There was no answer. Then the old man spoke again, this time more sternly; his voice was grave and strong, despite his ninety and odd years-
“Let whoever did this, own to it!” All were still silent. For a few seconds the old man’s face looked very stern; but then came a smile and a sigh of relief, and he said quietly-
“Well, Mistress Abigail, that is all right! I am glad that none of the children did it.” This was more than Abigail could brook, so she answered hotly-
“Oh yes! saving your presence; but they did;” and turning to the children added: “Ye know, children, that God hates a liar, and that liars stand without the Gates and go into the burning Pit. Now, tell me, which done it?”
Marjory, who though not the eldest had pertness beyond the level of her years, answered-
“None of us did it, Abigail! Did you?”
“Me! Me? you wicked Miss. You! Miss Betty. You were last in the room–what do you say to it?”
Betty, who was sitting in her usual place on a little stool at her grandfather’s knee, said gently, in her sweet, old-fashioned way-
“I know nothing of it, Abigail! When I was in the room I was reading.”
“Take care, Miss Betty, take care! now take care!” said Abigail hotly, as she raised a warning finger. “Tell the truth.”
“But I am telling the truth,” said the child. Here her grandfather joined in:
“My word for Betty’s truth! She would not speak falsely! Would you, dear?” The child looked up, turning her head so that the wrinkled hand which he had laid on it slipped down on her shoulder.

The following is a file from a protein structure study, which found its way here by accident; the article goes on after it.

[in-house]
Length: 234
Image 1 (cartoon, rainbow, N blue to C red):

“Oh no, grandfather!” she answered quietly; “how could I?”
“Old master always sticks up for Miss Betty,” said Abigail tartly, “just because she is his kin, I suppose–and so like him!” she added, with a touch of feminine causticity.
The likeness was remarkable, despite the gulf of more than fourscore years that lay between them. The old man’s face was wrinkled, his hair fell in thin, straggling flakes of snow, his eyes were dim, and his tall form was bowed with years, whilst the child’s hair was golden-brown, her eyes were sapphire, and her skin had the freshness and the warm glow of youth. But there was in each the same inward calm, the same line of profile, the same delicacy of nostril, the same resolution of mouth; and, beyond all else, that something which can hardly be put in words–the capacity of exaltation.
Betty’s father now spoke reprovingly-
“Abigail Hood, you forget yourself when you so address Mr. Stanmore. Greater respect is due to him! And beside, he would say nothing but what is true. If Betty is like him, then I thank God that it is so; for her life should be pure and strong and true, like that of her dear mother.”
Abigail was prepared to do battle only up to a certain point, and as there was nothing here to be argued she used with deadly effect her purely feminine arms. Taking up the corner of her apron and holding it to her eyes, she withdrew. Mr. Stanmore then rose, and taking Betty’s hand in his, said-
“Come! We will go and see the broken jar and find out, if we can, what is the cause of it.”
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Miss Betty at bramstoker.org